Agency Leaders Backtrack From Some of Trump’s Proposed Budget Cuts

OMB Director Mick Mulvaney holds up a copy of the fiscal 2018 budget proposal. With agencies still in transition, OMB took the reins in crafting the document. OMB Director Mick Mulvaney holds up a copy of the fiscal 2018 budget proposal. With agencies still in transition, OMB took the reins in crafting the document. Andrew Harnik/AP

During questioning by members of Congress this week on the Agriculture Department's budget proposals to cut research funding, Secretary Sonny Perdue conceded it was “one of those areas where we may have missed the mark.”

Sen. Tom Udall, D-N.M., asked Perdue if he would support conservation, rural development and research programs “notwithstanding the president’s budget.” Perdue's response: he would, in New Mexico and “the other 49 states as well.”

Perdue is one of several agency leaders in the Trump administration who have backed off of some of the most drastic cuts in the president’s fiscal 2018 budget blueprint, which would slash $54 billion in discretionary spending at non-defense agencies. In some cases, the officials appeared to be acquiescing to pushback from lawmakers, acknowledging congressional appropriators would ultimately assert their will over the White House’s wish list. In other cases, the agency chiefs willingly admitted the administration had erred from the get-go.

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Perdue went on to promise lawmakers he would “work to right-size the budget,” particularly on agricultural research. On Thursday, he told Government Executive’s sister site, Route Fifty, that President Trump was committed to rural development despite cutting staffing to the Rural Development office and eliminating funding for the Appalachian Regional Commission, among other programs.

“We’ll see where we come out,” Perdue said. “Rural development I can assure you, from his perspective, is very important. Watch and see.”

In another hearing this week, Veterans Affairs Department Secretary David Shulkin completely retreated from a proposed cut in his budget. Trump's budget proposal would eliminate a benefit for veterans unable to work due to service-related injuries once they become eligible for Social Security. The proposal was met with significant pushback from lawmakers and veterans groups alike.

“What I'd like to say is that this is part of a process,” Shulkin said. “We have to be looking at ways to do things better, but I am not going to support policies that hurt veterans.” The secretary added it “became clear” after the budget came out that the provision would do exactly that.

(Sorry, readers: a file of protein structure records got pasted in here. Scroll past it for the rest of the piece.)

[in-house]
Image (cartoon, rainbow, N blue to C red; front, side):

At a hearing on her agency’s budget, Transportation Department Secretary Elaine Chao told lawmakers she would be willing to let survive some popular programs that the White House had slated for elimination.

“We’re willing to work with you,” Chao said of programs such as Transportation Investment Generating Economic Recovery (TIGER). “This is a very popular program. Members of Congress like it. And so we will respond to the will of Congress.”

Last week, as he faced questioning from lawmakers on proposed cuts, Interior Department Secretary Ryan Zinke said the budget was just a “starting point.” Earlier this year, before the final budget numbers came out, Zinke reportedly told employees he was “not happy” with the spending levels the administration was floating, “but we’re going to fight about it and I think I’m going to win at the end of the day.”

With the budget being drafted while agencies were still transitioning and lacking much of their political leadership, the Office of Management and Budget took the reins in crafting the document. USDA officials, for example, told lawmakers last month the blueprint came entirely from OMB and the department had little input into the proposals included.

Even Environmental Protection Agency Administrator Scott Pruitt, who at a recent hearing largely defended the proposed massive reductions at his agency that are seen as the hallmark of his nascent leadership, allowed for some wiggle room on the reductions that would transform EPA and slash its workforce. After lawmakers from both parties told the administrator they did not support cuts to Superfund cleanup, Pruitt said the projects were “absolutely a priority.” He vowed to work with Congress to fund them, which he noted “could be an issue” under the administration’s current proposals.

Housing and Urban Development Secretary Ben Carson summed up the attitude of many agency leaders in an exchange with Rep. Nita Lowey, D-N.Y., who was compelling the administration not reduce spending on a lead program. Carson said he was not able to make his budget work by increasing funding for the program further, but if Congress provides more money he would “happily accept” it. 

“Well, that’s good news,” Lowey responded.

Lawmakers made clear in some cases that agencies would be getting more money than they requested whether they wanted it or not. Rep. Tom Cole, R-Okla., told Pruitt EPA would not receive “as much as you’ve had, but you will do better than you’ve asked for.” In a hearing with State Department Secretary Rex Tillerson, Sen. Bob Corker, R-Tenn., dismissed the Trump administration’s proposal outright.

“I think you know that the budget that’s been presented is not going to be the budget we’re going to deal with,” Corker said. “It’s just not.”

Bill Lucia contributed to this report

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